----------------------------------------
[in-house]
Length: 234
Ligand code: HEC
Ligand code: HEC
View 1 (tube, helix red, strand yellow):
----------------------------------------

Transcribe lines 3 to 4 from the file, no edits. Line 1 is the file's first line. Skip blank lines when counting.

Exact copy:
Ligand code: HEC
Ligand code: HEC